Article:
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The global custody conquest

When Bob Kelly became chairman and chief executive of Mellon Financial last February, the affable Nova Scotian worked overtime pledging his love for all things Pittsburgh -- and with good reason.

When Bob Kelly became chairman and chief executive of Mellon Financial last February, the affable Nova Scotian worked overtime pledging his love for all things Pittsburgh -- and with good reason. Insecurities run deep in the Steel City. The same month that Kelly took the helm of Mellon, another local corporate icon, metals giant Alcoa, moved its headquarters to New York, sparking outrage.

So Mellon's December 4 announcement that it would merge with Bank of New York only confirmed Pittsburghers' worst fear. Though the $16.5 billion deal makes Kelly, 52, the CEO of a much larger company, it also moves the headquarters to Manhattan. One letter writer to the Pittsburgh Post-Gazette addressed Kelly directly, saying, "Congratulations Mr. Kelly, you've made your move . . . you're another out-of-towner to use another Pittsburgh-built corporation to make your way to the Big Apple."

Fortunately for Kelly and his BoNY counterpart, Tom Renyi, 60, investors' reaction was more enthusiastic. On the day the transaction was announced, each company's share price jumped: BoNY's by 17 percent, Mellon's by 7 percent.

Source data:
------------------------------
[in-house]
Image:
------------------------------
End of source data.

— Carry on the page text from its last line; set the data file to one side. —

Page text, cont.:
The new Bank of New York Mellon Corp. will combine two of financial services' most venerable names to create the world's top asset-servicing shop, with $16.6 trillion under custody, leapfrogging current No. 1 JPMorgan Chase, which has $13 trillion. "They're now the biggest player in a growth industry where the winners are those with scale," says Richard Bove, a Lutz, Florida­based financial strategist with investment bank Punk Ziegel & Co. The new entity also will be a top ten player in asset management, with more than $1.1 trillion.

The deal almost didn't happen. In September, Kelly was reported to be plotting an acquisition of Boston-based MFS Investment Management when Renyi reached him by phone in London. "Gee, Bob, if you do that transaction, it could tie you up for a few years," Kelly recalls Renyi saying. "We'd like you to think about merging with us." Says Renyi, who will be executive chairman of the new entity for 18 months, "It was obvious both companies were headed down the same path, and I wanted to make sure he put us into his calculus."

Now the trick is integration. Kelly, who in 2001 as CFO of First Union engineered its widely praised $14.6 billion merger with Wachovia, expects the task to take at least 30 months.

Institutional Investor Contributor John Engen talked with Kelly in Pittsburgh and Renyi in New York in separate phone interviews a week after the deal was announced. Excerpts from the wide-ranging conversations follow.

Institutional Investor: What kind of response are you getting to the deal?

Kelly: Terrific. The reaction from shareholders has been fantastic. No one doubts the strategic rationale. The biggest questions are, "How are you going to integrate these two companies?" and "How are you not going to lose customers?"

Renyi: We're getting positive reactions from virtually all of our constituencies. It's very satisfying to see it endorsed so vividly by the marketplace.

Some people in Pittsburgh don't seem too happy. What does this mean for the city?